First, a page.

This adventure should have come under the heading “Underused Hero Showcase.” Aside from new Legion leader Ultra Boy, it focuses largely on heroes who have not appeared much lately. I discussed Element Lad’s scant appearances last time. Supergirl was mostly a no-show throughout the Legion’s Adventure run. Matter-Eater Lad had been absent for a while. Like E-Lad, his first Shooter appearance waited until “The Outlawed Legionnaires!” Then he went ten issues without an appearance. Dream Girl fared a little better than these two, although she waited just as long to first appear under Shooter, and didn’t do much then. In between the “Outlawed Legionnaires” and this issue she had an obligatory appearance in “Mutiny of the Super-Heroines” and a cameo in the Mordru saga.
Whether Shooter disliked these characters, who seemed to be heavily employed whenever Bridwell did a fill-in, I don’t know. Maybe he was just overwhelmed at the number of Legionnaires he had to keep up with.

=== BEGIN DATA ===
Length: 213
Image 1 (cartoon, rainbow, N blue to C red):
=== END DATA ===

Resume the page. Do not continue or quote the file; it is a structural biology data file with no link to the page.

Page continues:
It’s too bad that this, the first story to really feature this team under Shooter’s hand, is a heavy disappointment, with unbelievable plot points and very little character development.
Most of the Legionnaires, to include Superboy and Mon-El, are kidnapped in the first six pages of the story. Highlights are the pairing of Gim and Vi as they star in a film(!) and a cage match between Saturn Girl and Projectra on an amusement park ride.